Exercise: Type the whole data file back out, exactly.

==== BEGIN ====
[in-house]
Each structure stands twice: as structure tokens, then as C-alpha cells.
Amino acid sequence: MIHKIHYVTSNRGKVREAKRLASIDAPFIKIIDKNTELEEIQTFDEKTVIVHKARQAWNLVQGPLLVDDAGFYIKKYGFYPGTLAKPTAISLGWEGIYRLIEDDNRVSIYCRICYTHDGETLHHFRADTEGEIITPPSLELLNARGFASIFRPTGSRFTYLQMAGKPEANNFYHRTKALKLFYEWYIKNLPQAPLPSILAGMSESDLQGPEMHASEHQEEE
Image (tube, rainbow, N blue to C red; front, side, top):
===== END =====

[in-house]
Each structure stands twice: as structure tokens, then as C-alpha cells.
Amino acid sequence: MIHKIHYVTSNRGKVREAKRLASIDAPFIKIIDKNTELEEIQTFDEKTVIVHKARQAWNLVQGPLLVDDAGFYIKKYGFYPGTLAKPTAISLGWEGIYRLIEDDNRVSIYCRICYTHDGETLHHFRADTEGEIITPPSLELLNARGFASIFRPTGSRFTYLQMAGKPEANNFYHRTKALKLFYEWYIKNLPQAPLPSILAGMSESDLQGPEMHASEHQEEE
Image (tube, rainbow, N blue to C red; front, side, top):